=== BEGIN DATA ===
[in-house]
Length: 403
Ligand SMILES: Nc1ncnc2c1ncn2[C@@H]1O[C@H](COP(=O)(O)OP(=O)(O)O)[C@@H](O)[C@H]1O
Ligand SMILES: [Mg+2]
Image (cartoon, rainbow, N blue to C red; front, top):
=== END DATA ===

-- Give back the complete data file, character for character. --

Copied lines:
[in-house]
Length: 403
Ligand SMILES: Nc1ncnc2c1ncn2[C@@H]1O[C@H](COP(=O)(O)OP(=O)(O)O)[C@@H](O)[C@H]1O
Ligand SMILES: [Mg+2]
Image (cartoon, rainbow, N blue to C red; front, top):